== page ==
This is the first study to demonstrate that ultrasound findings suggestive of vascular injury to the neonatal central nervous system are related to the level of prenatal cocaine exposure. Inconsistency in previous research in identifying an association between prenatal cocaine exposure and neonatal cranial ultrasound findings may reflect failure to consider dose effects.
PMCID: PMC2365465  PMID: 10545554
19.  Elevated Plasma Norepinephrine After In Utero Exposure to Cocaine and Marijuana 
Pediatrics  1997;99(4):555-559.
To compare plasma catecholamine concentrations between cocaine-exposed and unexposed term newborns and to determine the relationship between plasma catecholamines and newborn behavior.
Forty-six newborn infants participating in a prospective study of the neonatal and long-term effects of prenatal cocaine exposure were studied. Based on maternal self-report, maternal urine screening, and infant meconium analysis, 24 infants were classified as cocaine-exposed and 22 as unexposed. Between 24 and 72 hours postpartum, plasma samples for norepinephrine (NE), epinephrine, dopamine, and dihydroxyphenylalanine analysis were obtained. The Neonatal Behavioral Assessment Scale was administered at 1 to 3 days of age and at 2 weeks of age by examiners masked to the drug exposure status of the newborns.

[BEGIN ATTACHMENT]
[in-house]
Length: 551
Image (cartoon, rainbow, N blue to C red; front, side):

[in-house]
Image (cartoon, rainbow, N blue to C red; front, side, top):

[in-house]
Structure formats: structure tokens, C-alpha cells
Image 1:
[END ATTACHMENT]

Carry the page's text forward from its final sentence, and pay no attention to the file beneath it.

The cocaine-exposed newborns had increased plasma NE concentrations when compared to the unexposed infants (geometric mean, 923 pg/mL vs 667 pg/mL). There were no significant differences in plasma epinephrine, dopamine, or dihydroxyphenylalanine concentrations. Analysis for the effect of potential confounding variables revealed that maternal marijuana use was also associated with increased plasma NE, although birth weight, gender, and maternal use of alcohol or cigarettes were not. Geometric mean plasma NE was 1164 pg/mL in those infants with in utero exposure to both cocaine and marijuana compared to 812 pg/mL in those exposed to only cocaine and 667 pg/mL in those exposed to neither. Among the cocaine-exposed infants, plasma NE concentration correlated with an increased score for the depressed cluster (r = .53) and a decreased score for the orientation cluster (r = −.43) of the Neonatal Behavioral Assessment Scale administered at 1 to 3 days of age. Adjusting for marijuana exposure had no effect on these relationships between plasma NE and the depressed and orientation clusters.
Plasma NE is increased in newborns exposed to cocaine and marijuana. Increased plasma NE is associated with selected neurobehavioral disturbances among cocaine exposed infants at 1 to 3 days of life but not at 2 weeks.
PMCID: PMC2365460  PMID: 9093298